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Report: SSDs Rapidly Dropping in Price

We have been waiting for a reasonable mainstream affordability since then, but it appears that we are now able to seriously consider solid state storage for computers even for those on a budget.

Dealnews analyzed SSD prices and concluded that high-capacity SSDs are now matching smaller drives in a per-GB price. According to the publication, per GB prices of 256 GB drives plunged from $1.37 in January to currently $0.48, which closely matches the 64 GB SSD per-GB price of $0.47. Of course, that price is still a far cry from HDDs, which currently sell for $0.07 per GB on the street ($65 for a mainstream, 1 TB HDD).

HDD makers still consider the $65 price point as mainstream, but SSDs that sell for as low as $120 are not as much a luxury anymore as they once were. Their benefits especially in specialty hardware, such as ultrabooks, may outweigh their premium for many users. Even if SSDs are still much more expensive than capacity-comparable HDDs, there are drives that may be large and cheap enough for a lot of customers

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  • L0tus
    Great news! But for a few microseconds off my loading times they're still not cheap enough =
    Reply
  • way more than a few microseconds off loading times. The difference is significant
    Reply
  • ramicio
    Where is a 3.5" form factor? The server world still hasn't made 2.5" mainstream because 2.5" drives are for laptops. A 2.5" drive in a 3.5" bay is just a waste of space.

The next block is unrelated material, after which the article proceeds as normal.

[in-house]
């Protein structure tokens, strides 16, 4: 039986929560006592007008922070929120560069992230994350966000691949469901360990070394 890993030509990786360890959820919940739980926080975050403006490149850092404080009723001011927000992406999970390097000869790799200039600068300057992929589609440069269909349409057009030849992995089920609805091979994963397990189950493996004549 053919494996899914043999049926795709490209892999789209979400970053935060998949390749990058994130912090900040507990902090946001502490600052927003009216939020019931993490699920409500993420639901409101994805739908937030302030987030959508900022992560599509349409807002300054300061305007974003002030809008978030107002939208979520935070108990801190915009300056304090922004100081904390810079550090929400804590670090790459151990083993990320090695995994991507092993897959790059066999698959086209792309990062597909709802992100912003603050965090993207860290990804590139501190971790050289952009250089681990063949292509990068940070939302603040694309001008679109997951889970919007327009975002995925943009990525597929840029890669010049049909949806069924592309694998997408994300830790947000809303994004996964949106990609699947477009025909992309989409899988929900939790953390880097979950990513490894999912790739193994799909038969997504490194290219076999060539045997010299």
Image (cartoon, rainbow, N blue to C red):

Reply
  • ramicio
    L0tusGreat news! But for a few microseconds off my loading times they're still not cheap enough =
    You obviously have zero experience with SSDs.
    Reply
  • sherlockwing
    L0tusGreat news! But for a few microseconds off my loading times they're still not cheap enough =
    Actually more like 10-15 seconds, just some reviews on Techreport they compare HDD load time to SSD load time on their SSD reviews.
    Reply
  • waxdart
    Of course the price is dropping. I just bought one!
    Reply
  • Bloob
    waxdartOf course the price is dropping. I just bought one!Buy more, so I can get one too. ;)
    Reply
  • akopp21
    9416238 said:
    Where is a 3.5" form factor? The server world still hasn't made 2.5" mainstream because 2.5" drives are for laptops. A 2.5" drive in a 3.5" bay is just a waste of space.

    How would a 3.5" drive containing the same parts as a 2.5" drive be any less wasteful than a 2.5" drive?
    Reply
  • DRosencraft
    ramicioWhere is a 3.5" form factor? The server world still hasn't made 2.5" mainstream because 2.5" drives are for laptops. A 2.5" drive in a 3.5" bay is just a waste of space.
    There is no point in a 3.5" form factor. They can fit plenty of chips in the 2.5" size for added capacity. 3.5" on mechanical drives was primarily for accommodating larger platters for larger capacity. That's not an issue for SSDs, so to save manufacturing cost there's no need to make both 2.5" and 3.5" form factors. The server world mainly isn't switching because for them the price to make up the storage space of mechanical drives is huge. They'll have to switch eventually, and when they do they'll upgrade the racks at the same time. I would not consider this to be the biggest issue for them.
    Reply
  • @ramicio: Uhhhhhhhhh, so you want them to just put the drive into the chassis of a 3.5 form factor just to make it look pretty? I dont understand, what the hell are you getting at? And why do you feel the need to have a 3.5 size? I get the feeling you dont know the first thing about server management.
    Reply